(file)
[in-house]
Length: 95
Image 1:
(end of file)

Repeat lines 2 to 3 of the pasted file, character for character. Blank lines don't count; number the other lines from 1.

Length: 95
Image 1: